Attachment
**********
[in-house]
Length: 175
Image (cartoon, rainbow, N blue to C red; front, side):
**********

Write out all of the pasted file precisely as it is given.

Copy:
[in-house]
Length: 175
Image (cartoon, rainbow, N blue to C red; front, side):